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Title: SU-F-T-671: Effects of Collimator Material On Proton Minibeams

Abstract

Purpose: To investigate the dosimetric effects of collimator material on spatially modulated proton minibeams (pMBRT). Methods: pMBRT holds promise to exhibit shallow depth normal-tissue sparing effects similar to synchrotron based microbeams while also retaining potential for uniform dose distributions for tumor targets. TOPAS Monte Carlo simulations were performed for a 5cm thick multislit collimator with 0.3mm slits and 1mm center-to-center spacing for a 50.5MeV proton minibeam while varying collimator material between brass, tungsten, and iron. The collimator was placed both “flush” at the water phantom surface and at 5cm distance to investigate the effects on surface dose, peak-to-valley-dose-ratio (PVDR) and neutron contribution. Results: For flush placement, the neutron dose at the phantom surface for the tungsten collimator was approximately 20% higher than for brass and iron. This was not reflected in the overall surface dose, which was comparable for all materials due to the relatively low neutron contribution of <0.1%. When the collimator was retracted, the overall neutron contribution was essentially identical for all three collimators. Surface dose dropped by ∼40% for all collimator materials with air gap compared to being flush with the phantom surface. This surface dose reduction was at the cost of increase in valley dose formore » all collimator materials due to increased angular divergence of the mini-beams at the surface and their consequent geometric penumbra at depth. When the collimator was placed at distance from the phantom surface the PVDR decreased. The peak-to-entrance-dose ratio was highest for the iron collimator with 5cm air gap. Conclusion: The dosimetric difference between the collimator materials is minimal despite the relatively higher neutron contribution at the phantom surface for the tungsten collimator when placed flush. The air gap between the collimator and phantom surface strongly influences all dosimetry parameters due to the influence of scatter on the narrow spatial modulation.« less

Authors:
; ; ; ;  [1]; ;  [2]
  1. University of Washington Medical Center, Seattle, WA (United States)
  2. University of Canterbury, Christchurch, Canterbury (New Zealand)
Publication Date:
OSTI Identifier:
22649226
Resource Type:
Journal Article
Resource Relation:
Journal Name: Medical Physics; Journal Volume: 43; Journal Issue: 6; Other Information: (c) 2016 American Association of Physicists in Medicine; Country of input: International Atomic Energy Agency (IAEA)
Country of Publication:
United States
Language:
English
Subject:
61 RADIATION PROTECTION AND DOSIMETRY; 60 APPLIED LIFE SCIENCES; COLLIMATORS; COMPUTERIZED SIMULATION; DOSIMETRY; IRON; MATERIALS; MONTE CARLO METHOD; NEUTRONS; PHANTOMS; PROTONS; RADIATION DOSE DISTRIBUTIONS; TUNGSTEN

Citation Formats

Lee, E, Sandison, G, Cao, N, Stewart, R, Meyer, J, Eagle, J, and Marsh, S. SU-F-T-671: Effects of Collimator Material On Proton Minibeams. United States: N. p., 2016. Web. doi:10.1118/1.4956857.
Lee, E, Sandison, G, Cao, N, Stewart, R, Meyer, J, Eagle, J, & Marsh, S. SU-F-T-671: Effects of Collimator Material On Proton Minibeams. United States. doi:10.1118/1.4956857.
Lee, E, Sandison, G, Cao, N, Stewart, R, Meyer, J, Eagle, J, and Marsh, S. Wed . "SU-F-T-671: Effects of Collimator Material On Proton Minibeams". United States. doi:10.1118/1.4956857.
@article{osti_22649226,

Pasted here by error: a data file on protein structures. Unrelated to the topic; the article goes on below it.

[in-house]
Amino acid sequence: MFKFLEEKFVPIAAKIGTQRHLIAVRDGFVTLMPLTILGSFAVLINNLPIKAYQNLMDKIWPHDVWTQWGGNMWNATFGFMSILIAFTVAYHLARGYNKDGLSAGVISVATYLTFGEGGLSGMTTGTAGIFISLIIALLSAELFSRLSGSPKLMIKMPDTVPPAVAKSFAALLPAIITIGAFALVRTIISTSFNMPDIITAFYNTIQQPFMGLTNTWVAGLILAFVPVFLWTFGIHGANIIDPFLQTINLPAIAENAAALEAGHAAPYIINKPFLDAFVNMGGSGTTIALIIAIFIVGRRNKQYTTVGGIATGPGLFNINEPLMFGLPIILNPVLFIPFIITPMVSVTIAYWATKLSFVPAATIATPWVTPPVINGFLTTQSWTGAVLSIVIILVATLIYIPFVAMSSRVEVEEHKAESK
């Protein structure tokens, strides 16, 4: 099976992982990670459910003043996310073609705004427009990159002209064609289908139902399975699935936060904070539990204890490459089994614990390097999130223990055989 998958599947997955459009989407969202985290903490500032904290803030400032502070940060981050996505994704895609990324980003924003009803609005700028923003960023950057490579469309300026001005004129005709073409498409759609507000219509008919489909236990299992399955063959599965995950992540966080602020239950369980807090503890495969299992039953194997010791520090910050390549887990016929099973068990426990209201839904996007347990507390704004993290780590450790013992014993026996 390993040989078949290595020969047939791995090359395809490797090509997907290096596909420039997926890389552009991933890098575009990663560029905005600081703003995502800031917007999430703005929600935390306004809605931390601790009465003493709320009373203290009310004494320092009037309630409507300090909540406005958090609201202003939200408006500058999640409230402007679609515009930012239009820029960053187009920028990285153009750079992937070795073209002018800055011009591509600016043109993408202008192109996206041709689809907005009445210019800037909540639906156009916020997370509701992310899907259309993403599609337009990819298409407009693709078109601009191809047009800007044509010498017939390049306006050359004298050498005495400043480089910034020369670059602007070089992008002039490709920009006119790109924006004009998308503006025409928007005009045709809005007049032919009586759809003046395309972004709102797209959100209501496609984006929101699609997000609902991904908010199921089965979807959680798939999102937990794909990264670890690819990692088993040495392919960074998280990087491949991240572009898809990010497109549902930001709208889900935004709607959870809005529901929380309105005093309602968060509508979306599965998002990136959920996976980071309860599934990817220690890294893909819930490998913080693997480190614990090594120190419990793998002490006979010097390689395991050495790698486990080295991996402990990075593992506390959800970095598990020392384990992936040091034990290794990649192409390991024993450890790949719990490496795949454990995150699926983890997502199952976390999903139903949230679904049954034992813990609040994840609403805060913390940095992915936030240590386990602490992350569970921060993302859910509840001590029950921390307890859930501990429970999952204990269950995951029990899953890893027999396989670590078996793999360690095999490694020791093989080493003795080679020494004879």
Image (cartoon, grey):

title = {SU-F-T-671: Effects of Collimator Material On Proton Minibeams},
author = {Lee, E and Sandison, G and Cao, N and Stewart, R and Meyer, J and Eagle, J and Marsh, S},
abstractNote = {Purpose: To investigate the dosimetric effects of collimator material on spatially modulated proton minibeams (pMBRT). Methods: pMBRT holds promise to exhibit shallow depth normal-tissue sparing effects similar to synchrotron based microbeams while also retaining potential for uniform dose distributions for tumor targets. TOPAS Monte Carlo simulations were performed for a 5cm thick multislit collimator with 0.3mm slits and 1mm center-to-center spacing for a 50.5MeV proton minibeam while varying collimator material between brass, tungsten, and iron. The collimator was placed both “flush” at the water phantom surface and at 5cm distance to investigate the effects on surface dose, peak-to-valley-dose-ratio (PVDR) and neutron contribution. Results: For flush placement, the neutron dose at the phantom surface for the tungsten collimator was approximately 20% higher than for brass and iron. This was not reflected in the overall surface dose, which was comparable for all materials due to the relatively low neutron contribution of <0.1%. When the collimator was retracted, the overall neutron contribution was essentially identical for all three collimators. Surface dose dropped by ∼40% for all collimator materials with air gap compared to being flush with the phantom surface. This surface dose reduction was at the cost of increase in valley dose for all collimator materials due to increased angular divergence of the mini-beams at the surface and their consequent geometric penumbra at depth. When the collimator was placed at distance from the phantom surface the PVDR decreased. The peak-to-entrance-dose ratio was highest for the iron collimator with 5cm air gap. Conclusion: The dosimetric difference between the collimator materials is minimal despite the relatively higher neutron contribution at the phantom surface for the tungsten collimator when placed flush. The air gap between the collimator and phantom surface strongly influences all dosimetry parameters due to the influence of scatter on the narrow spatial modulation.},
doi = {10.1118/1.4956857},
journal = {Medical Physics},
number = 6,
volume = 43,
place = {United States},
year = {Wed Jun 15 00:00:00 EDT 2016},
month = {Wed Jun 15 00:00:00 EDT 2016}
}